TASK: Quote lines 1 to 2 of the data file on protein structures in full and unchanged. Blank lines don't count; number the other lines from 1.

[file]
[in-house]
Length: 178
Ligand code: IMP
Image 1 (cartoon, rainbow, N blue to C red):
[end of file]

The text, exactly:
[in-house]
Length: 178